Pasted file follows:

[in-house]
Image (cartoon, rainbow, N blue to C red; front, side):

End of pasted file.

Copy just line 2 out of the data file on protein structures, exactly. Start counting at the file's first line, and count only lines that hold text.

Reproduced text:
Image (cartoon, rainbow, N blue to C red; front, side):